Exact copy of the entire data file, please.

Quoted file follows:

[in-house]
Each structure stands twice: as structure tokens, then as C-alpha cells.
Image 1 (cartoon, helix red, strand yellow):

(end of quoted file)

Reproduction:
[in-house]
Each structure stands twice: as structure tokens, then as C-alpha cells.
Image 1 (cartoon, helix red, strand yellow):